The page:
Using horizontal rules in HTML
The horizontal rule is pretty widely misunderstood and often abused. It’s not an HTML element I reach for very much, because of what it means semantically. I’ll keep you in suspense a little and first explain how not to use an
How a horizontal rule shouldn’t be used
<hr /> elements used as clearfixes. Don’t do that. If you have to clear floats, use CSS on a parent element; if you really can’t use CSS, use a semantically meaningless
<div>. But you can almost certainly use CSS.
<hr />s are often (ab)used to provide visual flair, where a border in CSS would be more appropriate. If you want a full-width line above every
<h2>, for example, you’d use:
border-top: 1px solid #ccc;
You’d be correctly using headings as a way to section up your document. That thin grey line above your heading, with some space between it and the heading itself (the padding) and also between it and the content above (margin) can work well and keeps your markup clean, allowing you to use
<h2> whenever needed and you get the styling for free.
If you ever wanted to change the design, all you have to do is remove
border-top: 1px solid #ccc; and
padding-top: .5em; from your CSS and you’re done.
On the other hand, if you’re adding the line with the
<hr /> element, not only do you have to remember to add one whenever you use an
<h2>, but you’ve got a lot of finding and replacing to do on your website if the design changes:
<h2>This is a heading</h2>
<hr /> is semantic, so screen readers and other software that reads your website’s code (search engines, for example) will attach meaning where there is none, and the heading provides the meaning you’re after already.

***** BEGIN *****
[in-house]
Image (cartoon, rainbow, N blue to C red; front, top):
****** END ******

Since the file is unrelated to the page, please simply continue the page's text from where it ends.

How a horizontal rule should be used
So what semantic meaning does a horizontal rule have? I really like MDN’s definition:
a thematic break between paragraph-level elements: for example, a change of scene in a story, or a shift of topic within a section
They’re often used in novels as a thematic break within a chapter; not a new chapter, but a much stronger division than a new paragraph would provide.
And that’s why I rarely use them – they’re made for long-form content that wouldn’t be suited to the way I write for the web. I know there are a handful publishers who make their books available on the web, but I’ve never been comfortable reading this way. Give me an .epub any day.
How a horizontal rule should look
VoiceOver reads “horizontal separator”, removing the suggestion of a line, which is what the
<hr> stands for. An element that separates content.
Wikipedia defines how a horizontal rule should look nicely:
Space between paragraphs in a section break is sometimes accompanied by an asterism (either proper ⁂ or manual * * *), a horizontal rule, fleurons, or other ornamental symbols
So it’s up to you! Don’t feel you have to use that default 1px line – use something a bit more creative. Or it’s possible that, like me, you’ll probably never reach for an
<hr /> again, now that you know their intended use!